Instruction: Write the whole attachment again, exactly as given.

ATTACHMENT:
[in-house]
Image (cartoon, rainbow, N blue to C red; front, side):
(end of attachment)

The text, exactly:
[in-house]
Image (cartoon, rainbow, N blue to C red; front, side):